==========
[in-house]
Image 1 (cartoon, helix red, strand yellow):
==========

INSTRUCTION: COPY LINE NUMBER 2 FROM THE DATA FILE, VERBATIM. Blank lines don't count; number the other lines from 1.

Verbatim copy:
Image 1 (cartoon, helix red, strand yellow):